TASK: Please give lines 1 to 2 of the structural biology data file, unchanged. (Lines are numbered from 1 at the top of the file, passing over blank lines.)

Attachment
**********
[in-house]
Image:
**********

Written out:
[in-house]
Image: